The letter was dated March 5 and I hadn't heard from him since. Getting a little concerned, I made a visit to my Uncle J.T. and Clydel's house.  They lived within five miles of our duplex and we visited often; anytime I wanted to make a long distance call, I did it from Jay and Cly's.  Long distance phone calls came with a charge based on time of day, length of call and destination called.   Although Jay and Cly never passed any phone charges on to me, I tried not to take advantage.  My long distance calls were placed after 6 p.m. and usually on a weekend. Rates were lower on the Saturday, March 14, that I called Daddy.

We talked for about  five minutes, but he didn't mention John at all. Not wanting to create any confusion or worry for Daddy, I didn't mention him either.   When Daddy spoke long distance, his goal was to have the shortest possible conversation limited to whatever he considered most important.  I recalled his last words to me at the Alexandria railroad station a couple of years before.

He handed me a railroad pass and $50 just minutes before I boarded the train heading to Dallas to a new home and a new job.

"Olevia, I don't know what you are going to do in Dallas, but be careful.  Remember, your name is 'Yeager'.  Act like it.  If you need anything, write, don't call.  It's expensive."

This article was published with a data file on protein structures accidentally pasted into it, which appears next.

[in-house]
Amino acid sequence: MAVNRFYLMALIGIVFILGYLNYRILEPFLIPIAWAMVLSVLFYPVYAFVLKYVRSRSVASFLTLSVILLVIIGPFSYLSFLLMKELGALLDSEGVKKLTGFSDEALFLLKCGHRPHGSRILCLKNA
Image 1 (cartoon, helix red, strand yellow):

When Daddy said the 'Yeager' thing -- which he often did - it made me smile.  He said it once to my mother and her comment was: "That, and a nickel, will get you a cup of coffee." Of course, she hadn't said that to my dad; it was next day coffee conversation with our neighbor, Mrs. Curry.   Sometimes, I think I learned more about my dad and marriage listening to those two women talk and laugh and sometimes cry.  But's that's another story; today, I was worried about my brother.

It was almost a month before I finally called Daddy's house again. John answered.


"John, is that you? I didn't even know you were home!"

"Don't know why not; I told you I was coming. Think I made that up?"

Not on the phone two minutes and the old camaraderie was as fresh as it was when he left.

"Was Daddy surprised to see you?"

"Well, I got here about three o'clock in the afternoon, was walking up the hill, when Daddy got into his car to drive down. He stopped next to me, rolled down his window and said, 'Hey, boy. Didn't know you were in town. I'm on my way to work, but the house is unlocked. Go on in and I'll see you later.'

I think the car was rolling before he quit talking. Been here ever since."

We both laughed as we shared an understanding that emotional homecomings were not in Daddy's reaction repertoire.

"Whatcha gonna do? Can't wait for you to meet your new nephew, Ray.  He's almost almost three months old now and smiles a lot.  I know you will really like Ronnie, too. Why don't you come over here for a while?"  

"Tell you the truth, money's running low and I was about give you a call." He replied. We laughed again. Laughing with John was always easy.

"So, will you come?"

"Yeah, I think I'm close to wearing out my welcome with Daddy. He keeps telling me how there are no jobs in Tioga ... as if I'm looking."  We laughed again.

"What's your address?"

"I'm coming to get you."

"No need. Just give me your address and I'll be there in a couple of days."

"Have you forgotten who's the big sister here! I'm coming to get you."

And I hung up the phone.



Author Notes
John did come to our house and stayed almost a year. Lots of good stories from those months and I'll be sharing some of them.